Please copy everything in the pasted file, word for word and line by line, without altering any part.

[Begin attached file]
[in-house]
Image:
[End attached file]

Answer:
[in-house]
Image: